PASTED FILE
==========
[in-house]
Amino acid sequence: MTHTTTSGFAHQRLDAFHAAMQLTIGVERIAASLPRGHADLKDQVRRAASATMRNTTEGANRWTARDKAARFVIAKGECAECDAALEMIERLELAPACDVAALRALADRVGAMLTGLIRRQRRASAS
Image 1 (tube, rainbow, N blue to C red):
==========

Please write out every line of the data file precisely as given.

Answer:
[in-house]
Amino acid sequence: MTHTTTSGFAHQRLDAFHAAMQLTIGVERIAASLPRGHADLKDQVRRAASATMRNTTEGANRWTARDKAARFVIAKGECAECDAALEMIERLELAPACDVAALRALADRVGAMLTGLIRRQRRASAS
Image 1 (tube, rainbow, N blue to C red):